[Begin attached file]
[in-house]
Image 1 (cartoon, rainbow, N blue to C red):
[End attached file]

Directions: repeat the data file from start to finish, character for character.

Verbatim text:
[in-house]
Image 1 (cartoon, rainbow, N blue to C red):